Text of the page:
We’ve already rolled over (and in some cases improved) several of the trade deals the UK had with third countries as a member of the EU, but we need to be ready to take advantage of new trade deals, which could soon include accession to the Trans-Pacific trading bloc.
We also need to “build, build, build” our way towards economic growth, and Labour’s dogged resistance to an M4 Relief Road is a stark reminder of the economic dangers of sticking with this dither and delay in Cardiff Bay.
Diggers in the ground would be a boost to the whole Welsh economy, as would urgent investment in upgrades to the A55 and A40; ‘Union Highways’, all of which are significant infrastructure projects with a strategic benefit to wider UK economy. And it’s that spirit of co-operation that we must foster.
At times during the pandemic, it has felt as though the Welsh Labour Government has done things differently for the sake of it, charting its own questionable path when teamwork would have better served the collective efforts to tackle Covid-19.
Yet the UK-rollout of the vaccination programme is timely proof that we all benefit from membership of a strong Union. And even in this field where Wales is already playing a key role, and the likelihood vaccination boosters could become par for the course, we’d seek to strengthen Welsh business involvement in the supply chain.
The UK Government’s investment in a Green Industrial Revolution is helping the economy to bounce back, supporting new green jobs, and accelerating our path to net zero.
Welsh Conservatives would complement these initiatives with a £150 million Wales Marine Energy Investment Fund, purchasing equity in viable and exciting marine energy projects and small-scale hydro initiatives.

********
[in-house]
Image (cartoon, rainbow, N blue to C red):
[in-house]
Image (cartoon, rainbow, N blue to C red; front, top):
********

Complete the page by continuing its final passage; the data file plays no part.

In addition, we have already unveiled plans to establish a Green Home Grant Scheme to help low-income households to make energy efficiencies in their homes.
Green stimulus programmes can spark a surge in private investment, and we need to create an economic environment in Wales that harnesses the power of technological change, and makes green jobs the centre of a resilient recovery.
Unprecedented challenges call for unshakeable determination, and with Labour’s disastrous track record of economic mismanagement, it’s clear that Wales needs change in May.
It leaves voters with a stark choice. More of the same is unthinkable, whilst the Welsh Nationalist commitment to a referendum on independence would unleash economic uncertainty at the very time we should be solely focused on rebuilding Wales.
That’s why we’ll be encouraging voters to call time on Welsh Labour, and say “dim Diolch” to a reckless referendum - and to back our plan to harness the strength of Great Britain and rebuild the Welsh economy.”